Infertility and Its Causes
TRYING TO CONCEIVE: The World Health Organisation (WHO) defines infertility as lack of conception following one year of unprotected sexual intercourse.
To allow ample opportunity for conception to take place naturally, health professionals do not normally initiate assistive action until a period of at least a year has elapsed. It is estimated that one in six or seven Irish couples is infertile within the terms of the WHO's definition of infertility.
Causes of infertility
Male infertility The causes of male infertility are to be found either in the quality or quantity of sperm produced. A small number of males are congenitally unable to produce a sufficient quantity of sperm, or indeed any sperm at all, to achieve fertilisation by natural means. Other factors can also contribute to infertility. For example, mumps in post pubertal life or injury to the testes may result in failure to produce sperm or in the production of poor quality sperm. Male infertility can also be caused by genetic disorders.
Female infertility Known causes of female infertility are: (a) physical, e.g. following tubal disease that results in blockage or damage to the fallopian tubes such that the passage of the ovum down the tubes is impeded or stopped, thus preventing fertilisation; (b) hormonal and genetic abnormalities, e.g. polycystic ovarian syndrome, a condition where many small cysts form on the ovary and hormonal imbalances result which can cause infertility and (c) secondary to an ongoing or past pathology, e.g. endometriosis, a condition where the tissue that normally only lines the uterus is present in other areas of the reproductive system.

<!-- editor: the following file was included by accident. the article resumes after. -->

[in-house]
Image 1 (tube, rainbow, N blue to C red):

Sexual dysfunction Conditions such as erectile dysfunction or premature ejaculation may also render a male unable to father children. Similarly, a small number of women are unable, for physical and/or psychological reasons, to have sexual intercourse.
Lifestyle issues Lifestyle factors, such as excessive use of tobacco, drugs and alcohol, may contribute to infertility in both males and females. Infections, including those transmitted sexually, are a growing cause of infertility, particularly where they cause damage to the fallopian tubes in females. Current trends towards later first pregnancies, a higher incidence of second and later relationships and the growing availability of new reproductive technologies are likely to lead to an increased demand for fertility services in the future.
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